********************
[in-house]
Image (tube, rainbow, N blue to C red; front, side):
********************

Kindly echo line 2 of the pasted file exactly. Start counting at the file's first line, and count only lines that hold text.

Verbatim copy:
Image (tube, rainbow, N blue to C red; front, side):